Holiday favourites – planting seeds

‘Don’t judge each day by the harvest you reap, but by the seeds you plant.’

Robert Louis Stevenson

It’s so much easier to be aware of our failures than successes, but becoming more conscious of little moments of efficacy is a simple but effective way of increasing the feeling of agency in our lives. As the quote by Robert Louis Stevenson implies, we tend to be focused on harvesting ripe juicy apples, somehow expecting these to appear on a daily basis, when in reality it’s the patient planting of seeds and the nurturing of growing plants which sets our life in a good direction. For example, many parents have found skillful ways of containing and redirecting their children’s erratic energy, in a way which is incredibly beneficial to their children (and society at large!). Yet they tend to do this automatically, not even realising something special is going on, and only remember that time in the supermarket on a hot Friday afternoon when their toddler did have a melt-down and everyone stared at them judgmentally.

Years ago when I did some training to teach music to young children, we were told to always look for the small improvements in their playing and comment on these before going on to suggest other ways to make the playing better. It’s easy, as a music teacher, to notice what’s wrong and needs fixing. Yet the look on a student’s face when you say to them, ‘I can hear you’ve really worked on that left hand passage, it’s sounding much better this week’, is priceless. It’s empowering for the student to feel that their efforts have been noticed and acknowledged. Needless to say, they are also more likely to practise what you suggest this week, if they feel their hard work will be appreciated. Yet with ourselves, we are often more like the horror piano teacher who whacks their students on the knuckles and abuses them every time they make a mistake.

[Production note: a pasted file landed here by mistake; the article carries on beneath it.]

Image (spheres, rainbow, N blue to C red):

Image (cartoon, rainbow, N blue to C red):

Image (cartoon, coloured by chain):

The practice of mindfulness helps us become more attuned to those moments when something did go well. It’s easy to notice the apples (our major achievements) but ignore the young plant which is simply there, quietly growing. Through mindfulness we might be aware that we’re able to think clearly in a stressful situation despite feeling a bit anxious. Or we might be able to take a deep breath and be more patient with a difficult colleague or relative. Each time we pause for a moment of mindfulness, we’ve planted another seed of efficacy. I recently sowed some salad seeds, and like to go out in the morning to see how the seedlings are going. We can do this in our own lives – celebrating the many tiny seeds we’ve planted, instead of wishing they’d all turn into salad or apples overnight.

Weekly practice idea:

This week, each day, write down three examples of being effective. It could be remembering to water the pot plant, or single-handedly restructuring your workplace to make it more efficient. Whatever it is, write it down, and allow yourself a few moments to feel good about what you achieved.

Anja Tanhane

Efficacy

‘Don’t judge each day by the harvest you reap, but by the seeds you plant.’

Robert Louis Stevenson

It’s so much easier to be aware of our failures than successes, but becoming more conscious of little moments of efficacy is a simple but effective way of increasing the feeling of agency in our lives. As the quote by Robert Louis Stevenson implies, we tend to be focused on harvesting ripe juicy apples, somehow expecting these to appear on a daily basis, when in reality it’s the patient planting of seeds and the nurturing of growing plants which sets our life in a good direction. For example, many parents have found skillful ways of containing and redirecting their children’s erratic energy, in a way which is incredibly beneficial to their children (and society at large!). Yet they tend to do this automatically, not even realising something special is going on, and only remember that time in the supermarket on a hot Friday afternoon when their toddler did have a melt-down and everyone stared at them judgmentally.